Why Media Studies?

The Battle of San Jacinto - Henry Arthur McArdle (1895)

The Battle of San Jacinto – Henry Arthur McArdle (1895)

From William Merrin, via David Gauntlett:

The discussion of digital media is happening everywhere today – among the public, commentators, the media, the government and within nearly every other academic discipline… [Media Studies] has the potential to be one of the most important subject areas going into the 21st century, at the forefront of debates around digital technologies and their remaking of the world.

That’s exactly why I find it so interesting.

But more interesting to me today is the realisation that there is nothing inevitable about Media Studies as the locus for these debates:

The discussion of digital media is happening everywhere today – …. [e]verywhere, that is, except in media studies where it remains an optional interest and where the broadcast mindset and conceptual categories prevail. But the broadcast model and its audiences are the past of the discipline and so too are many of its major approaches.

The discipline, therefore, faces a choice. It has the potential to be one of the most important subject areas going into the 21st century, at the forefront of debates around digital technologies and their remaking of the world. But equally it has the possibility of being left behind, its focus on reception and content and broadcast forms and concepts condemning it to an increasing irrelevance for everyone but itself. Media studies has no necessary right to lead debates on media: it has to fight to prove it understands it better and has the most effective critical tools to train and guide its students and the public in the future.

More to follow. Clearly there is more to learn about the position of Media Studies vis-a-vis other subjects. To me that leadership position had seemed natural – but I can see now that when a subject matter becomes so pervasive, it may be broken up for parts by existing disciplines.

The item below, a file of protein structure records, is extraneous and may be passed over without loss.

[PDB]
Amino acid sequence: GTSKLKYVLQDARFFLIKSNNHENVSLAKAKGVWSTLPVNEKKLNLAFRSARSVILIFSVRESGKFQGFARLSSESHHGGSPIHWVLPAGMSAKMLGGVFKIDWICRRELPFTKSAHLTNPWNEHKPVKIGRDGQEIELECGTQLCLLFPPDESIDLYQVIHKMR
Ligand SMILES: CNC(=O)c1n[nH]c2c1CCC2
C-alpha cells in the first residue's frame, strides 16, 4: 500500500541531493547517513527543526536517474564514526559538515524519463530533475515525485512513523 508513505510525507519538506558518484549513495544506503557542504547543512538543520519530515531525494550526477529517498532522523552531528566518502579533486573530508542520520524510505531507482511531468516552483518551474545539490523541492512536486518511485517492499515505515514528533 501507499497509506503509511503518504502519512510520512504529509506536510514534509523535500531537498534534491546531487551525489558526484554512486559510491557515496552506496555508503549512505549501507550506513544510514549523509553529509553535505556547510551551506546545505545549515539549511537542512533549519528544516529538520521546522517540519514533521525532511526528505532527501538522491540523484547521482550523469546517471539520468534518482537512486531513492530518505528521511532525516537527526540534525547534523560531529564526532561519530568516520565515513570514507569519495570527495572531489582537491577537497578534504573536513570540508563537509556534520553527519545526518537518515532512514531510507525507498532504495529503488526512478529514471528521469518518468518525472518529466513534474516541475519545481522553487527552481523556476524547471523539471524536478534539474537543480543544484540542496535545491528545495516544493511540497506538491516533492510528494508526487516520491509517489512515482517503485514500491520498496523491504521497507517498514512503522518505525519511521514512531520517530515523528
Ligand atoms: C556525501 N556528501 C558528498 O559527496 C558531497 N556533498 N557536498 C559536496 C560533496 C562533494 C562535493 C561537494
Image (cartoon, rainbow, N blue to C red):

One screen bad, two screens good?

Interactive applications are often evaluated by scholars according to just how interactive they are.

Applications are positioned on a scale: it is seen to be better when there are more opportunities for the audience to interact, and better still when those interactions have more power to change the media product with which the interactions are occurring.

This is rather subjective. Does more frequency or more visible impact really make an interactive experience more fun, more interesting, more exciting? I think not.

Consumers value interactivity the most when it makes the most sense.

The best interactive opportunities are natural extensions of existing behaviour. More on this (and a typology, my favourite!) in a future post. But for now, imagine that someone is watching a gameshow – what are they doing while they watch? Thinking of or shouting out the answers to the questions. So the ‘best’ type of interactivity to offer is a way to answer the questions. That’s what the audience is already doing – you’re just providing a new outlet. Add in a couple of social features and you’ve probably done 90% of the best you can do.

When considered like this, it’s clear that more frequent or more impactful interactivity should not be the aim. There’s no need. Keep it simple and keep it aligned with existing behaviours.

Top 5 posts of 2013 on mediademicblog.com

Since launching this blog in the summer I’ve written 18 posts, had around 1000 pageviews, given three guest lectures, and supervised three final-year dissertations.